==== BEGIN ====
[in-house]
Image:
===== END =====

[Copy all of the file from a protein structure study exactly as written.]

[in-house]
Image: